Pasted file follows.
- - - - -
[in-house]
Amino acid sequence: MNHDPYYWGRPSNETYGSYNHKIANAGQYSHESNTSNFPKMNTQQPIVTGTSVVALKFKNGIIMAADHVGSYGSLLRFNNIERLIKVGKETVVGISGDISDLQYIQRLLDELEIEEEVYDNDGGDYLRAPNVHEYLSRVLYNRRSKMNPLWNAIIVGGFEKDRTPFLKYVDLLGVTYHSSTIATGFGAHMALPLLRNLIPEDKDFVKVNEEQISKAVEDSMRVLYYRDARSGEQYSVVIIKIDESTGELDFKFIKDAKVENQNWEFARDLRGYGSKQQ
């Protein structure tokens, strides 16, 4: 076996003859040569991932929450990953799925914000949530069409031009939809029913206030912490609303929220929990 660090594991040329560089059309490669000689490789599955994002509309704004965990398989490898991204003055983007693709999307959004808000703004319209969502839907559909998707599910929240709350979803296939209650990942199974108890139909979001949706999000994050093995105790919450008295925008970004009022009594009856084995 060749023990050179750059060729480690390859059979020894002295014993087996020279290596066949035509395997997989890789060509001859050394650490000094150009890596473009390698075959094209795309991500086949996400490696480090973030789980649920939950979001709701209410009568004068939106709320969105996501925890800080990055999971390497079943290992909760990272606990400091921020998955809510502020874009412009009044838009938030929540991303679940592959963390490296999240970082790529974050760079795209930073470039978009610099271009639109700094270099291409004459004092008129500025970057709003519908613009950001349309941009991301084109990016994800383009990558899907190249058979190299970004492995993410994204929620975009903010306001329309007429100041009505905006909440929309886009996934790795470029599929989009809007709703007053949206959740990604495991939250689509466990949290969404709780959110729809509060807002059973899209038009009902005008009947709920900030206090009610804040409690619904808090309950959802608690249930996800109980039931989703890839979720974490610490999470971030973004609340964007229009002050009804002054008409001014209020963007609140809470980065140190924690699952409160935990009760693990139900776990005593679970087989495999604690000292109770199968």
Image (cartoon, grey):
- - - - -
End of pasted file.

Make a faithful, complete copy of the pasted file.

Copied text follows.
[in-house]
Amino acid sequence: MNHDPYYWGRPSNETYGSYNHKIANAGQYSHESNTSNFPKMNTQQPIVTGTSVVALKFKNGIIMAADHVGSYGSLLRFNNIERLIKVGKETVVGISGDISDLQYIQRLLDELEIEEEVYDNDGGDYLRAPNVHEYLSRVLYNRRSKMNPLWNAIIVGGFEKDRTPFLKYVDLLGVTYHSSTIATGFGAHMALPLLRNLIPEDKDFVKVNEEQISKAVEDSMRVLYYRDARSGEQYSVVIIKIDESTGELDFKFIKDAKVENQNWEFARDLRGYGSKQQ
């Protein structure tokens, strides 16, 4: 076996003859040569991932929450990953799925914000949530069409031009939809029913206030912490609303929220929990 660090594991040329560089059309490669000689490789599955994002509309704004965990398989490898991204003055983007693709999307959004808000703004319209969502839907559909998707599910929240709350979803296939209650990942199974108890139909979001949706999000994050093995105790919450008295925008970004009022009594009856084995 060749023990050179750059060729480690390859059979020894002295014993087996020279290596066949035509395997997989890789060509001859050394650490000094150009890596473009390698075959094209795309991500086949996400490696480090973030789980649920939950979001709701209410009568004068939106709320969105996501925890800080990055999971390497079943290992909760990272606990400091921020998955809510502020874009412009009044838009938030929540991303679940592959963390490296999240970082790529974050760079795209930073470039978009610099271009639109700094270099291409004459004092008129500025970057709003519908613009950001349309941009991301084109990016994800383009990558899907190249058979190299970004492995993410994204929620975009903010306001329309007429100041009505905006909440929309886009996934790795470029599929989009809007709703007053949206959740990604495991939250689509466990949290969404709780959110729809509060807002059973899209038009009902005008009947709920900030206090009610804040409690619904808090309950959802608690249930996800109980039931989703890839979720974490610490999470971030973004609340964007229009002050009804002054008409001014209020963007609140809470980065140190924690699952409160935990009760693990139900776990005593679970087989495999604690000292109770199968």
Image (cartoon, grey):